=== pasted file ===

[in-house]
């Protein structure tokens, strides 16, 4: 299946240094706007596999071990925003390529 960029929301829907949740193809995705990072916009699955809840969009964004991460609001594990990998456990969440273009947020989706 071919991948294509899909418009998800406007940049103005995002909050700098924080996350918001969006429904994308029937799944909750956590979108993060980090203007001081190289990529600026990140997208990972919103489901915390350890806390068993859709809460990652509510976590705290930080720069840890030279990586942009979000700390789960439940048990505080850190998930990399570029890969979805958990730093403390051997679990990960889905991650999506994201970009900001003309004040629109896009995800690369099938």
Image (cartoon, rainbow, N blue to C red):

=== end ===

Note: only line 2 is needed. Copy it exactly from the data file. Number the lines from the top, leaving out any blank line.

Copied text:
């Protein structure tokens, strides 16, 4: 299946240094706007596999071990925003390529 960029929301829907949740193809995705990072916009699955809840969009964004991460609001594990990998456990969440273009947020989706 071919991948294509899909418009998800406007940049103005995002909050700098924080996350918001969006429904994308029937799944909750956590979108993060980090203007001081190289990529600026990140997208990972919103489901915390350890806390068993859709809460990652509510976590705290930080720069840890030279990586942009979000700390789960439940048990505080850190998930990399570029890969979805958990730093403390051997679990990960889905991650999506994201970009900001003309004040629109896009995800690369099938």